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Friday, October 19, 2007

Evangelicals and Global Warming

The Family Research Council (FRC) is having their annual conference in Washington, DC right now. What better opportunity to share their views on climate change. The FRC champions marriage and family as the foundation of civilization, the seedbed of virtue, and the wellspring of society. FRC shapes public debate and formulates public policy that values human life and upholds the institutions of marriage and the family. Believing that God is the author of life, liberty, and the family, FRC promotes the Judeo-Christian worldview as the basis for a just, free, and stable society. Here is what they believe, according to their president Tony Perkins, right, about global warming:

"What do evangelical Christians see as the top issues that our nation must get right in the coming decade? If you listened to the media you would be inclined to believe it was creating more government programs, which are supposed to help the poor, expand government education or to adopt radical policies to fight global warming. But if you actually listen to evangelicals you will find a much different answer. That is what George Barna did in his most recent survey of Americans. While Americans as a whole identified the overall care and resources devoted to children as the number one issue, which is laudable, the number one issue for evangelicals was improving the health of Christian churches followed by upgrading the state of marriage and families, and improving the spiritual condition of the U.S. Last on their list is the environment. So much for the global warming hype. Despite what the media may want to project upon evangelicals, they understand that if we, as a nation, get the spiritual issues right and build strong marriages and families - most of the other problems will be solved in the process."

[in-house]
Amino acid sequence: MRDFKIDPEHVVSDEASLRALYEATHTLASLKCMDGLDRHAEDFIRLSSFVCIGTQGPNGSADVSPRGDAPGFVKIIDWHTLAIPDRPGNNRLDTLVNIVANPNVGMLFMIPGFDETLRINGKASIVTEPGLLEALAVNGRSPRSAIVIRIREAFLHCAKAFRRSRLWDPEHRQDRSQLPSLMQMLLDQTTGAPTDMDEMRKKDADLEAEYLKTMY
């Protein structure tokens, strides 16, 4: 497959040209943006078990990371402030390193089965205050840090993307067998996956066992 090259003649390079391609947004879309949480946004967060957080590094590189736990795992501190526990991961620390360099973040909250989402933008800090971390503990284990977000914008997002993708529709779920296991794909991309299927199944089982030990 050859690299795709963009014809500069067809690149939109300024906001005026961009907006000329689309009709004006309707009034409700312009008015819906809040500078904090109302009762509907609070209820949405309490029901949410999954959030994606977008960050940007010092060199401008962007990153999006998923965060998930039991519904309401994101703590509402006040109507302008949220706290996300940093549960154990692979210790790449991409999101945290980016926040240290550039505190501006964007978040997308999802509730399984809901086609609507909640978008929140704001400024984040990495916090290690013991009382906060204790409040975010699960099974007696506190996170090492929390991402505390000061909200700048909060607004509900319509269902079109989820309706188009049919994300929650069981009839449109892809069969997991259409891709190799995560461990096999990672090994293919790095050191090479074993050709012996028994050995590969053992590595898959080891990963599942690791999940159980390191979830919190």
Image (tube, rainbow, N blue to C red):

AAEA has to respectfully disagree with Mr. Perkins about the role of government in addressing climate change. Although we do agree that an inappropriate program could be ineffective in mitigating climate change and global warming, an appropriate program could be very successful. Such a program would have to have the market as the prime mover and the government as more of a referee. A command and control program will probably fail. The Acid Rain Program is a good example of how government can operate a successful environmental program. Industry, environmentalists, government agencies and just about everybody else agrees that the ARP was successful. Thus, it is a good model for a global warming and climate mitigation program. Such a cap and trade system will tap into private sector ingenuity while avoiding the litigious landmines of a command and control program.

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